example 2) Delayed Start

// pause and then fire an animation..
setTimeout(function(){
    var myVarB = setInterval(function(){
        $(function() { // jquery document.ready
            // returns true if it just took a step
            // returns false if the div has arrived
            if( !move_div_step(25,55,'.moveDivB') )
            {
                // arrived...
                console.log('arrived'); 
                clearInterval(myVarB);
            }
        });
    },50); // set speed here in ms for your delay
},5000);// set speed here for delay before firing

Now the Function:

function move_div_step(xx,yy,target) // takes one pixel step toward target
{
    // using a line algorithm to move a div one step toward a given coordinate.
    var div_target = $(target);

    // get current x and current y
    var x = div_target.position().left; // offset is relative to document; position() is relative to parent;
    var y = div_target.position().top;

    // if x and y are = to xx and yy (destination), then div has arrived at it's destination.
    if(x == xx && y == yy)
        return false;

    // find the distances travelled
    var dx = xx - x;
    var dy = yy - y;

    // preventing time travel
    if(dx < 0)          dx *= -1;
    if(dy < 0)          dy *= -1;

    // determine speed of pixel travel...
    var sx=1, sy=1;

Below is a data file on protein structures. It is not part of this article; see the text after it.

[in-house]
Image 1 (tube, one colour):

if(dx > dy)         sy = dy/dx;
    else if(dy > dx)    sx = dx/dy;

    // find our one...
    if(sx == sy) // both are one..
    {
        if(x <= xx) // are we going forwards?
        {
            x++; y++;
        }
        else  // .. we are going backwards.
        {
            x--; y--;
        }       
    }
    else if(sx > sy) // x is the 1
    {
        if(x <= xx) // are we going forwards..?
            x++;
        else  // or backwards?
            x--;

        y += sy;
    }
    else if(sy > sx) // y is the 1 (eg: for every 1 pixel step in the y dir, we take 0.xxx step in the x
    {
        if(y <= yy) // going forwards?
            y++;
        else  // .. or backwards?
            y--;

        x += sx;
    }

    // move the div
    div_target.css("left", x);
    div_target.css("top",  y);

    return true;
}  // END :: function move_div_step(xx,yy,target)
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Use jQuery

html

<div id="b">&nbsp;</div>

css

div#b {
    position: fixed;
    top:40px;
    left:0;
    width: 40px;
    height: 40px;
    background: url(http://www.wiredforwords.com/IMAGES/FlyingBee.gif) 0 0 no-repeat;
}

script

var b = function($b,speed){


    $b.animate({
        "left": "50%"
    }, speed);
};

$(function(){
    b($("#b"), 5000);
});

see jsfiddle http://jsfiddle.net/vishnurajv/Q4Jsh/